Two more banks, Standard Chartered and HSBC, are expected to settle related cases in the coming weeks, according to the source familiar with those probes.
Royal Bank of Scotland (RBS.L ) has said it is in talks with U.S. authorities on whether it complied with economic sanctions laws, indicating it may also be nearing a settlement.
Several other banks – including Deutsche Bank (DBKGn.DE ), Germany’s second biggest lender Commerzbank (CBKG.DE ), UniCredit’s (CRDI.MI ) German unit HVB, and French banks BNP Paribas (BNPP.PA ) and Credit Agricole (CAGR.PA ) – have said they have received inquiries from U.S. authorities or are reviewing transactions to check whether they are potentially in breach of U.S. sanctions, suggesting any investigations are at an early stage.
STRIPPING VS. SANCTIONS
Government lawyers and other legal experts say Lawsky’s move has spurred some talk about whether he set a precedent in banks being on the hook for transfers that may have been stripped of information but were otherwise legal.
“This is the first case you don’t have an exact overlap. That is what makes this an interesting case,” said Ed Wilson, a former Treasury official who works on sanctions issues as a partner at Venable LLP in Washington, referring to the overlap of transactions that were stripped and those that violated sanctions laws.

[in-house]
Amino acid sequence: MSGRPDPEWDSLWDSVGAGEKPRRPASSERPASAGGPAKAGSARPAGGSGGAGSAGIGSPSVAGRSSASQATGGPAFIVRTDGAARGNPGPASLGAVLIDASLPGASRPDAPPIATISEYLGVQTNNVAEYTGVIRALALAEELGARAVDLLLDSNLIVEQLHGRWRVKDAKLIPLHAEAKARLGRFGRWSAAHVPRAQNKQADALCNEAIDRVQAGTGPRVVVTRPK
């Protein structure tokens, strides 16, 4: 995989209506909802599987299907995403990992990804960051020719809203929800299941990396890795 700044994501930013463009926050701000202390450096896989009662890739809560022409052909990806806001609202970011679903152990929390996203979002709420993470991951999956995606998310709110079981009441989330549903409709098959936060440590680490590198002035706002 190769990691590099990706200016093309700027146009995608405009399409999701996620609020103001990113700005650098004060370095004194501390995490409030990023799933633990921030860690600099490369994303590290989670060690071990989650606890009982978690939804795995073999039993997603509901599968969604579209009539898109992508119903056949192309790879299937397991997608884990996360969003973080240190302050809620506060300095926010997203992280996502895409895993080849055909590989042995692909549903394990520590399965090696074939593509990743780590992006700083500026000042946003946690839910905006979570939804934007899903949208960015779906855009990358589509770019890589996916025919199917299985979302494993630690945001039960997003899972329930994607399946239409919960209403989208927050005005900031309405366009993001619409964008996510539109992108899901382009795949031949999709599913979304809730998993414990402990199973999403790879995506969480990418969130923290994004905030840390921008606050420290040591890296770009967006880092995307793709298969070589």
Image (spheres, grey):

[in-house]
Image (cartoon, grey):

But they also say that Lawsky relied on state books and records laws to go after the disguised transactions, and it is far from clear that this was in breach of the federal laws generally used in sanctions cases.
“It’s not historically what OFAC has focused on,” said Meredith Rathbone, a partner with Steptoe & Johnson LLP in Washington who specializes in sanctions law, referring to the Treasury Department unit – the Office of Foreign Assets Control – that focuses on sanctions violations.
“They focus on the substance, and if the law hasn’t been violated, they tend not to go after people for simply having inaccurate records,” she said.
For example, when Barclays Bank agreed to forfeit $298 million in 2010, for example, to resolve allegations that it violated federal sanctions laws and a criminal New York records law, the Treasury Department identified as the basis for its portion of the penalty about $106 million in specifically unlawful transfers, the vast majority linked to Sudan.
In 2010 when the former ABN Amro Bank, now part of Royal Bank of Scotland, agreed to pay $500 million to resolve similar allegations, U.S. authorities specifically described the conduct at issue as at least $500 million in financial transactions which “involved violations” of sanctions or money-laundering laws.
Also, stripping in and of itself was not clearly in violation of federal laws during the period of time being examined, sources said.
Before a May 2009 change in a rule under the international payments system SWIFT, information about the parties sending and receiving international wire transfers were not shared with intermediary banks that facilitated the transactions – such as clearing banks in New York – when the transfers were made as so-called “cover payments,” a source involved in a number of previous sanctions enforcement probes said.
“As a result, banks were able to, and often did, clear wire transfers through New York without identifying the parties involved, and without violating any rules,” the source said. “Those were legal payments.”
(Reporting by Aruna Viswanatha in Washington and Brett Wolf in St. Louis- Editing by Kevin Drawbaugh and Tim Dobbyn)